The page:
Wildfires in Southern California have raged and spread for the past week, destroying many acres of land and structures. There are five main, active fires and one that has been fully contained. The areas affected include San Diego County, Los Angeles County, Ventura County, and Santa Barbara County.
The largest southern California fire is Thomas fire. It began on Dec. 4, and as of Dec. 11, this blaze is only 15 percent contained according to the fire protection agency Calfire. At least 230,000 acres in Ventura and Santa Barbara counties have been scorched, destroying 790 structures and leaving $34 million in damages. This fire is the fifth largest wildfire in modern California history.
The second largest blaze in Southern California right now is Creek fire and ignited Dec. 5 in Los Angeles County. This fire has burned 15,619 acres and is 95 percent contained.
Rye fire ignited Dec. 5, also in Los Angeles County, and has scorched 6,049 acres of land and is currently 93 percent contained.
Lilac fire was kindled Dec. 7 in San Diego County, damaging 4,100 acres, and is 80 percent contained.
Skirball fire started on Dec. 6 as a brush fire in Los Angeles County and has consumed 422 acres. Currently, this wildfire is 85 percent contained.
The sixth and smallest fire was Liberty Fire. The fire ignited Dec. 7 in Riverside County, burning 300 acres. Fortunately, it is now 100 percent contained.
In addition to destroying many properties, the fires have made the air quality in several areas unbearable.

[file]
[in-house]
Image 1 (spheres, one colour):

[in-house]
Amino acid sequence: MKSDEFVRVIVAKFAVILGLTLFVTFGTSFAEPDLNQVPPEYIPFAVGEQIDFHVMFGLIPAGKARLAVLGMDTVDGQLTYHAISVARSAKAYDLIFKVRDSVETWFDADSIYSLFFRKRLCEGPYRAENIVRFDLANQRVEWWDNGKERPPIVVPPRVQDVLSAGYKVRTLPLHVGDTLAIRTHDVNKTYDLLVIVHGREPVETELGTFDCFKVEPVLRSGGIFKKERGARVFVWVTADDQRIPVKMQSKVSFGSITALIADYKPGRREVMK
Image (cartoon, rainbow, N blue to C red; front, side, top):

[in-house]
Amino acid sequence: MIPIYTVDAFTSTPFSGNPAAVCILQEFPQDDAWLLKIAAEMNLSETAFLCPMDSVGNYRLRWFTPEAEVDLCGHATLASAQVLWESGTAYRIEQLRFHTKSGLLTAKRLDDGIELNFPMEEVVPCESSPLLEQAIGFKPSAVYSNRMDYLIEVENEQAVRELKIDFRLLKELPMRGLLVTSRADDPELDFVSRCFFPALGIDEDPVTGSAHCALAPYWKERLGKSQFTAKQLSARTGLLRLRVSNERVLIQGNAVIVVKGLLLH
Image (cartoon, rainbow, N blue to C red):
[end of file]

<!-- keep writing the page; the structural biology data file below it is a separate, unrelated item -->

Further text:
“One of my colleague’s sisters, who lives west of where the fire was– even though their home was not in danger– the air quality was so bad and smokey that she and her family had to come down to stay with my colleague, who is her sister,” Ruo Steensma, a San Diego County resident, said.
Many people were also indirectly affected by the fire ash. Ash from the burning trees gets carried by the wind to other places, making many people’s yards and properties very dirty.
“My family has experienced how messy ash is from previous fires, not from the fires right now, but I know people who are dealing with it right now,” Steensma explained.
The six wildfires have forced many people to evacuate from their homes and left a large path of destruction. Aside from these natural disasters having caused millions of dollars in damage, they have also provoked a discussion about climate change.
Many argue that climate change has not only caused these fires, but also all the other natural disasters that have wreaked havoc this past year: Hurricane Irma, Harvey, Jose, and Maria. Jerry Brown, California Governor, has expressed that he believes the cause of these fires is climate change.
“Climate change is real. It is a threat to organized human existence.A lot of you people are going to be alive. And you’re going to be alive in a horrible situation. You’re going to see mass migration, vector diseases, forest fires, Southern California burning up. That’s real, guys,” Brown states, according to the LA Times.
Although there is much controversy about the influence of climate change, there is not doubt that there have been a concerningly high number of natural disasters this past year.